QBotix Receives $1M From DoE to Advance Robotic Solar-Panel Technology
Energy Department Funds Development of Solar-Panel Robots: The QBotix tracking system, shown here, is a robotic system for tilting solar panels toward the sun that can increase the output of the panels by up to 15 percent. The Menlo Park, Calif.-based company received a $1 million grant by the Department of Energy to advance its technology, funds it will use for future demonstrations and to add support for concentrated photovoltaics to the system, a company spokesman said. (Source: QBotix)
Thanks for your comment, Greg. I agree, there should be some sort of barometer to ensure QBotix and other companies and organizations that have received these grants deliver on what they promise to advance alternative forms of energy.
Good points, jmiller - there are several variables to consider. Not only could the system optimize tracking with energy efficiency, I could also envision an automated protective cover for extreme weather protection (hail) and a system that could remove debris accumulation - perhaps some type of blower or rake - I wonder if that is on those systems...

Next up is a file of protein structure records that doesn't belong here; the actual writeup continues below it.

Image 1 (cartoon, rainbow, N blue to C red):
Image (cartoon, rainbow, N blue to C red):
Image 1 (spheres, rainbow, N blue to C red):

That's a good point about the expected deliverables. But, I think ROI will take more than 6-12 months. The US gov't doesn't historically get a quick return on investment. It would be interesting to look at how the development not only helps Qbotix but all solar companies.
More details from Qbotix on youtube: http://www.youtube.com/watch?v=hKiDeEL0leY
Wal-Mart will hold its second Made in the USA Open Call July 7-8, at its headquarters in Bentonville, Ark. The event will be a repeat effort by the world’s biggest seller of consumer goods to increase the amount of US-made products it sells in Wal-Mart stores, in Sam’s Club members-only wholesale outlets, and on walmart.com.
This year, Design News is getting a head start on the Fourth of July celebration. In honor of our country and its legacy of engineering innovation -- in all of its forms -- we are taking you on an alphabetical tour through all 50 states to showcase interesting engineering breakthroughs and historically significant events.
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